Prisoner and Escort was broadcast on 1 April, 1973, placed second in the series after Open All Hours. Well-received by all, the production team discussed which of the seven plays might make the best full series. Both of Clement and La Frenais' ideas were on the table, but it was felt only Prisoner and Escort had enough room for expansion5. There was only one problem - the writers themselves were not convinced they could write a comedy about being inside a prison. James Gilbert introduced the writers to Jonathan Marshall, who had recently written a book entitled How to Survive in the Nick (a slang term for 'prison'). Marshall explained to them the routine of prison life as well as the language of the prisoners themselves - terms such as 'screw' to describe a warden, 'snout' for tobacco, etc. It was also Marshall's use of a certain phrase that shaped the series and gave Clement and La Frenais the inspiration they needed to make the show funny. Marshal described how prisoners tend to keep themselves going by looking for the 'little victories' each day, little things like getting extra helpings of food, managing to get an easy job for their prison tasks or just winning at cards. These 'little victories' would be what the show would be about.
Trying to find a title for their show, Clement and La Frenais considered 'Stir' and 'Inside' before settling on Porridge - slang for a prison term (so called because of the porridge-like gruel that used to be fed to prisoners in Britain). Coincidentally, Ronnie Barker had also come up with the same name, which must have made them feel as if the title was fated to be.
Joining the characters established in Prisoner and Escort would be a seemingly unexciting, yet vital, role - Lenny Godber. The writers realised that they would need to explain the lifestyle of the prisoners to the audience. Having two old timers as the main characters might make any explanations seem fake or forced, so they decided to create a character who needed things explaining; Lenny Godber would be a young first-timer placed in Fletcher's care. It would fall to Fletch to show Lenny how to survive in prison and how to get the most of his time there, how to score those 'little victories' that Jonathan Marshall had mentioned. One of the best examples of this comes in the episode 'A Night In', where Fletch and Lenny talk after 'lights out'. Fletch's experience comes to the fore as he tries to cheer the spirits of his depressed young cellmate.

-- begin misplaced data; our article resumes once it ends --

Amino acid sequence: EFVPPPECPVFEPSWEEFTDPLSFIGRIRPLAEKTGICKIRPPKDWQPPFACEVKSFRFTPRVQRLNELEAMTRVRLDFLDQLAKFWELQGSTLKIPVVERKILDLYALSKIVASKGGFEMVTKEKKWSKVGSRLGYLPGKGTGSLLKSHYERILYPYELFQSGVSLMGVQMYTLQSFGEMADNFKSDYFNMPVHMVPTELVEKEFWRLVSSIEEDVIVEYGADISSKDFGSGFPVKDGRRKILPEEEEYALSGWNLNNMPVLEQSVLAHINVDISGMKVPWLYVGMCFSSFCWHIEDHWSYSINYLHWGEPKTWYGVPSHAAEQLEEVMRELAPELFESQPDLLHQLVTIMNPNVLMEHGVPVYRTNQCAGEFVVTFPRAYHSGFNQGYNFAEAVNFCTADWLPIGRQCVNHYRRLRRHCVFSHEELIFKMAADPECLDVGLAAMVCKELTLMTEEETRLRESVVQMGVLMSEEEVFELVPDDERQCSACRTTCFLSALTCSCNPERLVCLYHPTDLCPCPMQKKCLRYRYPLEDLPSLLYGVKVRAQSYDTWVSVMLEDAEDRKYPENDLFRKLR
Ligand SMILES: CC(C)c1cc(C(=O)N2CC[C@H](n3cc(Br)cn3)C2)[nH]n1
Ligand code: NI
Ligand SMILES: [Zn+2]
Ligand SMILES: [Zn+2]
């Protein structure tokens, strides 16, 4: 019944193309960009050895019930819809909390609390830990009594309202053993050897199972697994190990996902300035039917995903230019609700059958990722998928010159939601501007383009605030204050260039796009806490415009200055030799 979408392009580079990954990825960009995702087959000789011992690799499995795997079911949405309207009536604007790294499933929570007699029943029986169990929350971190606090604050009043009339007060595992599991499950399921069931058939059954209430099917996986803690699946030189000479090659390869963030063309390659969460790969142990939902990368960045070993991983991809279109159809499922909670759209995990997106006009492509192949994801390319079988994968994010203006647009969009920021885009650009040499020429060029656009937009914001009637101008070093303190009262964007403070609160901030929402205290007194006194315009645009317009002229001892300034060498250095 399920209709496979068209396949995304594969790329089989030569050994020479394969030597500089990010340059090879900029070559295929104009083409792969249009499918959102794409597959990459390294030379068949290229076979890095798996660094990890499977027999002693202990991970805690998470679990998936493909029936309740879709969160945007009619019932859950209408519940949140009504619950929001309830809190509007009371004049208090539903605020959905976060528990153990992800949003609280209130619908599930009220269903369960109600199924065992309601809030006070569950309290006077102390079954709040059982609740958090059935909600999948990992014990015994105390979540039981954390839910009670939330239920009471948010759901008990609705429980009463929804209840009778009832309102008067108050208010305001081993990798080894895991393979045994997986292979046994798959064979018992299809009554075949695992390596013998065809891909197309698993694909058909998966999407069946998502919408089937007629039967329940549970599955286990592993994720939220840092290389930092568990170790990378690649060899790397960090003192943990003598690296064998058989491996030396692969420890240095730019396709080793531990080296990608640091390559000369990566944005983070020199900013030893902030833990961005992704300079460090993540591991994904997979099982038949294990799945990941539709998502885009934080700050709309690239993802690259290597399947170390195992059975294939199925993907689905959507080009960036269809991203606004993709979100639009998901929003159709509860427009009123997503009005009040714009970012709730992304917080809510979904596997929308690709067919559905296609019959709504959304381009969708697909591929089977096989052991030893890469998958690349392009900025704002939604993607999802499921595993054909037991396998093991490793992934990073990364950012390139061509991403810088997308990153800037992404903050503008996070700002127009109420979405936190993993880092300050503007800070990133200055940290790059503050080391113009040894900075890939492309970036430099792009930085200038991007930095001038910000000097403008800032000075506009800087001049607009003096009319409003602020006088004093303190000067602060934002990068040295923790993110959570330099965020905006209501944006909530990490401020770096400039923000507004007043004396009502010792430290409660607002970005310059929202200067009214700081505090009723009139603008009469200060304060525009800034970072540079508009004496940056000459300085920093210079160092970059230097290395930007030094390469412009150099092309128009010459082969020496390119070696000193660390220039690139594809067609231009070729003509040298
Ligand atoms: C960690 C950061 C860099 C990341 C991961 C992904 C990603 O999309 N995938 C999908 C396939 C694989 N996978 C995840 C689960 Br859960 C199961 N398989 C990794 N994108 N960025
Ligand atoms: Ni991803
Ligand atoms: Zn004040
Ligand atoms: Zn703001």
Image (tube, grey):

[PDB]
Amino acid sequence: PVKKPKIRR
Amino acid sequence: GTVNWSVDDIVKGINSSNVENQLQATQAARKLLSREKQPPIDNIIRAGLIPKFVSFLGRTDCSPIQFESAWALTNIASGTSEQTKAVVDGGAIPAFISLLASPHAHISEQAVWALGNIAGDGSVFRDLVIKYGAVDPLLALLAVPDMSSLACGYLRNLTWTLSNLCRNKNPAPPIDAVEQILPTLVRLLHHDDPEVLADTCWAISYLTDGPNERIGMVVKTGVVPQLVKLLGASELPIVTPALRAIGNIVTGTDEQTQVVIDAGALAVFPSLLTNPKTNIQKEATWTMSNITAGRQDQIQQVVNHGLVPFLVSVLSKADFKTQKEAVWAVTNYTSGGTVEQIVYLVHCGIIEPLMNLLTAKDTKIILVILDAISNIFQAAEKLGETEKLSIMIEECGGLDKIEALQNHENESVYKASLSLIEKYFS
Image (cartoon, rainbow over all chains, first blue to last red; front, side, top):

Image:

To play Lenny, Ronnie Barker had suggested Paul Henry - familiar to TV viewers as Benny from the soap opera Crossroads - but producer and director of the series, Sydney Lotterby, suggested the actor Richard Beckinsale, who had starred in the romantic comedy The Lovers. Beckinsale was a popular choice, bringing an honesty and believability to a difficult role.
The expanded cast also included Sam Kelly (who would later appear in the WWII comedy 'Allo, 'Allo) as the illiterate Warren, Christopher Biggins as the gay cook, 'Lukewarm' (so named because by the time he served up the evening meal it would be near-cold) and Peter Vaughan as Harry 'Grouty' Grout. Grouty represented the ever-present threat that the prisoners faced from each other. Mr Venables might have been the Governor, but it was the Godfather-like Harry Grout that ruled Slade prison. A vicious, intimidating man, he had his own cell and a network of informers who kept him in touch with everything going on in the prison. An illegal card game could not progress until Grouty had given his permission and stated his cut of the prize money.
An ironic twist of fate brought a new face to Slade Prison in the third series with the episode 'Poetic Justice'. Rawley is an elderly man (played superbly by the veteran actor Maurice Denham), but to Fletcher he is much more than that; he is the judge who sentenced Fletch to prison in the first place. Sentenced to three years after being found guilty of corruption, Rawley was later released after his appeal was accepted. The news comes as no surprise to Fletch, especially considering Rawley and the governor are old friends.